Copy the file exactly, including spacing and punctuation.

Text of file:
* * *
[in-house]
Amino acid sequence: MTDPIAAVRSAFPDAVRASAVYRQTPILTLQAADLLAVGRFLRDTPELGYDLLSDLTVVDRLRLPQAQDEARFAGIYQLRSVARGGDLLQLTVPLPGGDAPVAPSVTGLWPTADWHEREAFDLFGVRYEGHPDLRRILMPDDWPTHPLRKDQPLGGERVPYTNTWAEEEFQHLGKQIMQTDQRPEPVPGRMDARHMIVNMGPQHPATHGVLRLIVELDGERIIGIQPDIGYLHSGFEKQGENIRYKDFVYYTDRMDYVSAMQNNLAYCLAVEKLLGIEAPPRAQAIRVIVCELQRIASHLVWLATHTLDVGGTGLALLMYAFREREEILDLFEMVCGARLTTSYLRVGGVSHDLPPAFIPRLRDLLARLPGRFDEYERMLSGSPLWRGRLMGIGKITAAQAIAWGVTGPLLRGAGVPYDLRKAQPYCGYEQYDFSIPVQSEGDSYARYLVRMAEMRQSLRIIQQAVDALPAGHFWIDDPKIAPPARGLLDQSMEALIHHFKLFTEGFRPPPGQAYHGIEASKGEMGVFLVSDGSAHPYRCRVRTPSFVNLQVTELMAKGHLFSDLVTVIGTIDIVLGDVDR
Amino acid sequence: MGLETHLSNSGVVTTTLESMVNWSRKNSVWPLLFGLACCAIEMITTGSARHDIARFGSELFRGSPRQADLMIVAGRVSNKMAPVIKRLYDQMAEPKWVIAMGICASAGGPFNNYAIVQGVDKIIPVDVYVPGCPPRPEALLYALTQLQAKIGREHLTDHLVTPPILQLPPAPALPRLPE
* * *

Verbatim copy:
[in-house]
Amino acid sequence: MTDPIAAVRSAFPDAVRASAVYRQTPILTLQAADLLAVGRFLRDTPELGYDLLSDLTVVDRLRLPQAQDEARFAGIYQLRSVARGGDLLQLTVPLPGGDAPVAPSVTGLWPTADWHEREAFDLFGVRYEGHPDLRRILMPDDWPTHPLRKDQPLGGERVPYTNTWAEEEFQHLGKQIMQTDQRPEPVPGRMDARHMIVNMGPQHPATHGVLRLIVELDGERIIGIQPDIGYLHSGFEKQGENIRYKDFVYYTDRMDYVSAMQNNLAYCLAVEKLLGIEAPPRAQAIRVIVCELQRIASHLVWLATHTLDVGGTGLALLMYAFREREEILDLFEMVCGARLTTSYLRVGGVSHDLPPAFIPRLRDLLARLPGRFDEYERMLSGSPLWRGRLMGIGKITAAQAIAWGVTGPLLRGAGVPYDLRKAQPYCGYEQYDFSIPVQSEGDSYARYLVRMAEMRQSLRIIQQAVDALPAGHFWIDDPKIAPPARGLLDQSMEALIHHFKLFTEGFRPPPGQAYHGIEASKGEMGVFLVSDGSAHPYRCRVRTPSFVNLQVTELMAKGHLFSDLVTVIGTIDIVLGDVDR
Amino acid sequence: MGLETHLSNSGVVTTTLESMVNWSRKNSVWPLLFGLACCAIEMITTGSARHDIARFGSELFRGSPRQADLMIVAGRVSNKMAPVIKRLYDQMAEPKWVIAMGICASAGGPFNNYAIVQGVDKIIPVDVYVPGCPPRPEALLYALTQLQAKIGREHLTDHLVTPPILQLPPAPALPRLPE